A Sausage by definition is meat mixed with cereal or bread, seasoning, colourings and preservatives, then packed into casings, usually sheep intestines, but could be from pigs or a synthetic alternative. The size of the sausage is determined by the diameter of the casing and divided by the casing being twisted at regular individuals. If you intend trying to make your own sausages, start with a bigger casing rather chipolata sized.
Lower cost sausages normally indicate a lower meat content, and more ‘padding’; or poor quality meat (that salvaged from a pig carcass) and artificial additives or colourings. Always check the labelling before purchasing sausages, strict regulations control the content and labelling of all sausages, however it is still possible to ‘hide’ some ingredients behind some very generic descriptions.
If you don’t know what the ingredient is on the list, I would suggest you don’t buy it, or buy it once and Google the ingredients when you get home to see what the ‘code’ on the lable actually means, add this knowledge to your understanding of food ingredients and decide whether you are happy to buy the ingredient within a sausage again.
Ready-cooked sausages are available in many varieties such as liver, salami, and saveloy’s, also cured meats (salted and spiced) are stuffed in to the casings and hung for several weeks to ‘dry’, both these are usually found in the deli aisle or specialist shops.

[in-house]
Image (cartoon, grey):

Uncooked sausages may also be either smoked or unsmoked like butchers Pork and Beef sausages. The best Sausages are made from pork, as they are regarded as the best flavour. Good served on their own but also try:-
– With Fried Onions and Mashed potatoes
– Grilled Tomatoes
– Apples Sauce and Gravy
– Pasta cooked in tomato sauce
– Toad in the hole
– With Roast poultry
Removed from their skins the sausage filling can be used:-
– In Pies
– Forced meat dishes
All uncooked sausages should be cooked and eaten as son as possible, kept in the fridge or frozen on the day of purchase (for up to three months). Sausages can be cooked from frozen, or defrosted in a fridge overnight.
For cooking, they can be fried, baked, barbecued or grilled. For frying you will need to add oil, (try oil sprays) cook slowly and turn frequently to brown all sides.